1. I taught in a local state university and it made me want to run home and take my kids out of public school, which I did! I taught a required class for education majors and one of the things I asked them at the beginning of each semester was to name one book they had read over the summer or Christmas break. I was always shocked when only two or three students (future teachers)could think of anything. I agree that good writing and good reading are linked. It's almost impossible to have the one without the other. I look forward to your thoughts, as I haven't really taught writing with my kids, yet.


  2. I am curious as well. I'm like you, always had an interest in reading and writing, did well at both in school, went on to get a degree in English. What I have noticed in the 11 years I have been homeschooling my boys is that, while the techniques of writing can be taught and honed, there is a natural ability in those who are good readers/writers. I can't teach that and had to accept that not all my boys will do as well as I would like in those subjects...or be as easy teach lol. It's been a struggle for some to say the least.

  3. As part of her Senior year courses (we home school) my daughter took an English course at a local community college. She was truly shocked at the way most college students write. Her teacher knew she was an early admission (home school student) and was shocked at how well she was an easy A. I'm really looking forward to your upcoming posts!


  4. Julie,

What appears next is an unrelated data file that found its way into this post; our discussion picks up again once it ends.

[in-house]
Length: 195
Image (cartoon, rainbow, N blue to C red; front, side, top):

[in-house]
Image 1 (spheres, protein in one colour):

I agree that writing will not come easily for many. But, I also believe that most people (barring severe learning difficulties) are capable of becoming decent writers. I don't expect my children to be "master writers," but decent writers. What I've seen a lot of is people who simply cannot write well enough to get their point across.

    When I was in college, I participated in a number of creative writing workshops. These classes were open to anyone, talent or no talent. In fact, one of my professors was fond of saying that great writing is only about 1% talent (not original, I know). The rest comes from hard work. The most talented writer in the world won't accomplish much if she relies solely on her talent.

  5. The pressure is on, I had better come of with some real worthwhile posts on this, lol!

  6. I also look forward to you next post about writing.

    In my homeschool I put a huge emphasis on reading writing, and grammar. It is important to me that my kids can write well. When I read posts on different forum boards, I find many homeschool parents who struggle when it comes to teaching their children how to write. I am a fair teacher of writing but far from perfect. I miss some basic stuff when correcting student papers.

    There is a section on the Well Trained Mind forums where parents can post thier student's writing for feedback. I wish that you, I am blessed and others with more experience would contribute to these types of forums. I read posts from the writing section of this forum even if I am not posting my own student's work so I can be a better teacher.

  7. Wild Iris,
    Thank you for bringing that group on the Well-Trained Mind Forum to my attention! I'll have to look into that (sometime when my chest is not full of goo---I really hate summer colds, cough!).